- PTT, pharyngeal transit time
- LSVT®, Lee Silverman Voice Treatment Program
- CP, cricopharyngeal
- OPSE, oropharyngeal swallow efficiency
- ORES, percentage of oral residue
- PRES, percentage of pharyngeal residue
- ASPB, aspiration before the swallow
- ASPD, aspiration during the swallow
- PRT, pharyngeal transit time
- SPL, sound pressure level
- fundamental frequency
Reduced vocal intensity is a known complication of Parkinson's disease.1–3 It may reduce the patient's ability to produce intelligible speech and as a result, limit their ability to function fully in society.4 Vocal intensity depends on the integrity of vocal fold adduction 5, shape of the vocal tract,6 and subglottic air pressure.7 All of these factors may be affected in the course of Parkinson's disease.1–2,8 The incidence of voice disorders, including breathiness, hoarseness, roughness, and tremulousness, is reported to be as high as 89% in patients with Parkinson's disease.1 Logemann et al1 indicated that these patients usually show other vocal tract problems in addition to voice disorders including articulatory disturbance, speech rate disorders, and hypernasality.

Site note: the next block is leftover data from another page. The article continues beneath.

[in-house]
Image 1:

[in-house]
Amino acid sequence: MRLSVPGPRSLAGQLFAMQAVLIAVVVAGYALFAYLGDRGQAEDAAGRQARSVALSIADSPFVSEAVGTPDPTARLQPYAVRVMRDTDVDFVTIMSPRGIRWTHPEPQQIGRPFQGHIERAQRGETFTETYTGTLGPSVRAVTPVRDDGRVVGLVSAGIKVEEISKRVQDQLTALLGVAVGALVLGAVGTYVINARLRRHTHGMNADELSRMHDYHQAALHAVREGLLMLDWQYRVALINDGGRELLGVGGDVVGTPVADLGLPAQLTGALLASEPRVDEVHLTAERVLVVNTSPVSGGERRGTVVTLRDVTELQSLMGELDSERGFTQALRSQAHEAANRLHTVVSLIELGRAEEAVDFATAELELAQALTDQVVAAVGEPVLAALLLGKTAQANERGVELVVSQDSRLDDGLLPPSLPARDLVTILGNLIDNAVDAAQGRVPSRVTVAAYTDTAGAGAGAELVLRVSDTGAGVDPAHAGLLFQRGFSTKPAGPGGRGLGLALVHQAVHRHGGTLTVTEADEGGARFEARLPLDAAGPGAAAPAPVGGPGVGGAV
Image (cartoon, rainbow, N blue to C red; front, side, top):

In addition to voice and articulatory disorders, swallowing disorders have been reported in as many as 95% of patients with Parkinson's disease.9–13 Dysphagia has sometimes been described as the presenting feature of Parkinson's disease.14 It may cause life threatening pneumonia,15 although it is rarely severe enough to require non-oral feeding.16